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Story of a Skirt ~ Seafoam Skirt
November 2023

  Since 2020 I have been working with a white folklorico practice skirt in dance performances for stage and screen. It has shown me the many layers of art making. We are celebrating three years working with this teacher. Here is it's story thus far...


  I contacted Ballet Folklorico Mexicano de Carlos Moreno in San Leandro in November 2020 for a custom order, a white Folklorico practice skirt. We needed the longest measurements possible to fit dear Annalise. Upon picking up the order, Carlos Moreno Jr. greeted me in their colorful shop brimming with costumes varying in design based on region. He shared some of the history of the school, one of the first performing companies in the Bay Area sharing Mexican Folklorico Dance in the late 60's. His father had opened the school, and during the early days when they had to drive down to Mexico to pick up ribbons and other costuming, they started having friends make requests to bring back goods for them. Soon their cars were loaded with more fabrics and sewing materials than they had room for, upon which they decided to open the costume shop as well. All these years later, they still perform and tour the surrounding areas with their dance school. And their shop stands in a beautiful building tucked into a residential neighborhood. I had the privilege of learning all this and that Carlos Moreno Sr. had sewn my costume himself.


  For me this opened new possibilities to connect with my ancestors. I remember the first time putting on the skirt and immediately finding my feet stomping to rhythms that lived in my bloodline. While I had never taken a Folklorico class, though I had seen several performances, something was just coming out of me and through my body. The weight of the layers of fabric begged to be swirled and swayed, picked up and spun, twirled and moved beyond just draping. And the wind that passed as I spun in my living room rippled the posters on the wall, and brought down the dried flowers. To create wind. To live in folds of fabric that brimmed with life. To be tied into a piece of family.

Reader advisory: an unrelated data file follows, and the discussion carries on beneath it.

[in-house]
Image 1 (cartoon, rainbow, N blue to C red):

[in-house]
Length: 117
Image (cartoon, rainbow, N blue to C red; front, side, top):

Annalise and I began rehearsing in Golden Gate Park in December of 2020. While social distancing was still recommended, we laid out our individual Mexican blankets (fitting), and started to play and explore possibilities. As two individuals who had been trained in ballet and modern dance (western dance forms) was it possible for us to listen to the stories of our ancestors and weave together movements that were true to our bodies? True to our lived experiences and what we knew. It was important to us that we weren't replicating or trying to do Folklorico, neither of us had the training or ability to pay homage, we were curious to find something new. Something that honored us as 21st century adults, with a desire to connect to ancestry, something that saw our mixedness. In the space of inbetween where we occupy. I remember reeling on the floor verklempt with beauty as Annalise jumped and spun with joy. That white fabric sparkled on the backdrop of the green grass. A few shots I took on my camera made me melt. It was joy. And so we continued meeting up in Golden Gate Park, and prepped for our film that was to be shot and edited in early 2021 into "Speranza."


  In early 2022, I traveled to Nova Scotia with my suitcase half full of the skirt to experiment and work on the material. Some themes were connected, some new questions arose. It was three days of continuous chipping at the stone to reveal the beauty at the core.


  And then again in 2023, as we readied for the performances of Upwelling: the next iteration, I faced new challenges. I had made choreography into film before, but had I tried the reverse? Something built for film and then redesigned for the stage. It was a new challenge, one I was up for. Annalise and I began working at Shawl-Anderson Dance Center exploring the possibilities, while Joe Krempetz worked on designing new music. This piece, with influence of the film, would take on themes of seafoam, seawitch, and octopus-sensitivity. We were well into the remaking. Alas, the performances went well and Annalise found her own connection to the material and the music that were lovely. While we had workshopped this new piece, it still felt like a version not yet fully realized.


  It wasn't until I got the opportunity that Fall to perform with the FACT/SF Summer Dance Lab. I put back on the skirt and began the restaging process, this time on my own body. I pulled the material directly from Annalise's version, though changed some of the facings to adapt to the new space. In the process of re-establishing the opening, I explored some of our original ideas. Could there be more sensitivity in the hands, what was possible in traversing the floor? Alas, I found a version that would work and performed it August 26, 2023.